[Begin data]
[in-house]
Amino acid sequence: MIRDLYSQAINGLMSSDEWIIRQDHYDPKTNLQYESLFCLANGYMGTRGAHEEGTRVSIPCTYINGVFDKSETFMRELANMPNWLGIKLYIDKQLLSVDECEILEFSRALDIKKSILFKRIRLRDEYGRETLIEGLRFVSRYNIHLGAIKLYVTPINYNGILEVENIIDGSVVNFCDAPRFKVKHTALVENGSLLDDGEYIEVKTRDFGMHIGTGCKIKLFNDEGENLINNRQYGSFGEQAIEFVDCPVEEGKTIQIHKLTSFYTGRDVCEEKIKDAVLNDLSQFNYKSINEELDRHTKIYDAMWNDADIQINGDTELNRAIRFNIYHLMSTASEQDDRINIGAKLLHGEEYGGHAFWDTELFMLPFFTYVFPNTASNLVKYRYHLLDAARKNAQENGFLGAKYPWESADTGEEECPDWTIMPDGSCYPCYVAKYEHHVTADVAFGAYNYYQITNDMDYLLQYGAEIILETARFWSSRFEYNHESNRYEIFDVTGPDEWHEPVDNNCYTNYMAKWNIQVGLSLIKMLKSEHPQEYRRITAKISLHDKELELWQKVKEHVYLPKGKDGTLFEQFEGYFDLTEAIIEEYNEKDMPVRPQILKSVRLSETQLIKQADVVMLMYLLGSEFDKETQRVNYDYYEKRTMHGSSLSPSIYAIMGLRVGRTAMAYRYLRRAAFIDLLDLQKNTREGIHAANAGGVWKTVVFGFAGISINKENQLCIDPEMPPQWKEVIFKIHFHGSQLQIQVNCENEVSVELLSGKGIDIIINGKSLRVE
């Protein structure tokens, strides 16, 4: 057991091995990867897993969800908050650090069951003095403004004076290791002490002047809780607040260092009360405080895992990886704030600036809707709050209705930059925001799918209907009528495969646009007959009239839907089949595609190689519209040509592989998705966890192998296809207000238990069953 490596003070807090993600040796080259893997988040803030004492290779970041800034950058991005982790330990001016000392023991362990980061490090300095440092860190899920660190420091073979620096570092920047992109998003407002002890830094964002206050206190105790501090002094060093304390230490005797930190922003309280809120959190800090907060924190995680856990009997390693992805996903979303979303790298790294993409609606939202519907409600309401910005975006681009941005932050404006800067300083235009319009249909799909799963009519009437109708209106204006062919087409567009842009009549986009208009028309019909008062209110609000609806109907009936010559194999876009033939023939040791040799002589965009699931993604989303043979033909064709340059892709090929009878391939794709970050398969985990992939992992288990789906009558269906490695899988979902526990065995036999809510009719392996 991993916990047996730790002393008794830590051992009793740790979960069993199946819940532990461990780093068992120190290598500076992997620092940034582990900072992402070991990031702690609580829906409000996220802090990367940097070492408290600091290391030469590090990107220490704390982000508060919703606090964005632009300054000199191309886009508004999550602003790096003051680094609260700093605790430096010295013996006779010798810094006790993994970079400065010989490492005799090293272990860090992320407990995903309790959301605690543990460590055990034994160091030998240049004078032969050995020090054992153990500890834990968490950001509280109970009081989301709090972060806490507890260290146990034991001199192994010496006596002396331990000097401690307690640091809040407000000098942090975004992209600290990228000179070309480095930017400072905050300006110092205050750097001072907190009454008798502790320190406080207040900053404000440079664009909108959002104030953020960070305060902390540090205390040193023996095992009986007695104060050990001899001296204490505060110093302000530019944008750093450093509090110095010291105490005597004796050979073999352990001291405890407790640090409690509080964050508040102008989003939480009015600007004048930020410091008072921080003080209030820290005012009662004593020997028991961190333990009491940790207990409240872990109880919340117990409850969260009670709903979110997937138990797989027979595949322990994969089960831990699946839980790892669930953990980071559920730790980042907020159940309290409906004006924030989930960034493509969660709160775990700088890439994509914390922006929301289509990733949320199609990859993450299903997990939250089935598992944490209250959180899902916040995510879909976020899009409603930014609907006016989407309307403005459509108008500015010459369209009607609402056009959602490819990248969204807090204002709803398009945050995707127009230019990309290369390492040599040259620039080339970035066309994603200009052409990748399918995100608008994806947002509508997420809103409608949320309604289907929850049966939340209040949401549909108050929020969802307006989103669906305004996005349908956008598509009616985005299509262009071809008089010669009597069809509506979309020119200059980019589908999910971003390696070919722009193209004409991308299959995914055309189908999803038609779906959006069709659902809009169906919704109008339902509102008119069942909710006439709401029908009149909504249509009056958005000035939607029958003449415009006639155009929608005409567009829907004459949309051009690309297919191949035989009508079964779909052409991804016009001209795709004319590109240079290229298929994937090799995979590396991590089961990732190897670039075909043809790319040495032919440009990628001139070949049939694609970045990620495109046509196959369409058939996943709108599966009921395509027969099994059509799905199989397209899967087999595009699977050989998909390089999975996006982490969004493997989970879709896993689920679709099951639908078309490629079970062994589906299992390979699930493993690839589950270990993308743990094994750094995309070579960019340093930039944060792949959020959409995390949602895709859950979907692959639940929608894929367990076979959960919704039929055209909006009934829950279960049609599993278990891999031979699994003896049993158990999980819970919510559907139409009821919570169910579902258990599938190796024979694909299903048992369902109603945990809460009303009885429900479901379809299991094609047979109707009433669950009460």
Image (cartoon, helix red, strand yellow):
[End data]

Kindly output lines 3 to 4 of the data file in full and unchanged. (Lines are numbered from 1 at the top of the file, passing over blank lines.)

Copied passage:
């Protein structure tokens, strides 16, 4: 057991091995990867897993969800908050650090069951003095403004004076290791002490002047809780607040260092009360405080895992990886704030600036809707709050209705930059925001799918209907009528495969646009007959009239839907089949595609190689519209040509592989998705966890192998296809207000238990069953 490596003070807090993600040796080259893997988040803030004492290779970041800034950058991005982790330990001016000392023991362990980061490090300095440092860190899920660190420091073979620096570092920047992109998003407002002890830094964002206050206190105790501090002094060093304390230490005797930190922003309280809120959190800090907060924190995680856990009997390693992805996903979303979303790298790294993409609606939202519907409600309401910005975006681009941005932050404006800067300083235009319009249909799909799963009519009437109708209106204006062919087409567009842009009549986009208009028309019909008062209110609000609806109907009936010559194999876009033939023939040791040799002589965009699931993604989303043979033909064709340059892709090929009878391939794709970050398969985990992939992992288990789906009558269906490695899988979902526990065995036999809510009719392996 991993916990047996730790002393008794830590051992009793740790979960069993199946819940532990461990780093068992120190290598500076992997620092940034582990900072992402070991990031702690609580829906409000996220802090990367940097070492408290600091290391030469590090990107220490704390982000508060919703606090964005632009300054000199191309886009508004999550602003790096003051680094609260700093605790430096010295013996006779010798810094006790993994970079400065010989490492005799090293272990860090992320407990995903309790959301605690543990460590055990034994160091030998240049004078032969050995020090054992153990500890834990968490950001509280109970009081989301709090972060806490507890260290146990034991001199192994010496006596002396331990000097401690307690640091809040407000000098942090975004992209600290990228000179070309480095930017400072905050300006110092205050750097001072907190009454008798502790320190406080207040900053404000440079664009909108959002104030953020960070305060902390540090205390040193023996095992009986007695104060050990001899001296204490505060110093302000530019944008750093450093509090110095010291105490005597004796050979073999352990001291405890407790640090409690509080964050508040102008989003939480009015600007004048930020410091008072921080003080209030820290005012009662004593020997028991961190333990009491940790207990409240872990109880919340117990409850969260009670709903979110997937138990797989027979595949322990994969089960831990699946839980790892669930953990980071559920730790980042907020159940309290409906004006924030989930960034493509969660709160775990700088890439994509914390922006929301289509990733949320199609990859993450299903997990939250089935598992944490209250959180899902916040995510879909976020899009409603930014609907006016989407309307403005459509108008500015010459369209009607609402056009959602490819990248969204807090204002709803398009945050995707127009230019990309290369390492040599040259620039080339970035066309994603200009052409990748399918995100608008994806947002509508997420809103409608949320309604289907929850049966939340209040949401549909108050929020969802307006989103669906305004996005349908956008598509009616985005299509262009071809008089010669009597069809509506979309020119200059980019589908999910971003390696070919722009193209004409991308299959995914055309189908999803038609779906959006069709659902809009169906919704109008339902509102008119069942909710006439709401029908009149909504249509009056958005000035939607029958003449415009006639155009929608005409567009829907004459949309051009690309297919191949035989009508079964779909052409991804016009001209795709004319590109240079290229298929994937090799995979590396991590089961990732190897670039075909043809790319040495032919440009990628001139070949049939694609970045990620495109046509196959369409058939996943709108599966009921395509027969099994059509799905199989397209899967087999595009699977050989998909390089999975996006982490969004493997989970879709896993689920679709099951639908078309490629079970062994589906299992390979699930493993690839589950270990993308743990094994750094995309070579960019340093930039944060792949959020959409995390949602895709859950979907692959639940929608894929367990076979959960919704039929055209909006009934829950279960049609599993278990891999031979699994003896049993158990999980819970919510559907139409009821919570169910579902258990599938190796024979694909299903048992369902109603945990809460009303009885429900479901379809299991094609047979109707009433669950009460």
Image (cartoon, helix red, strand yellow):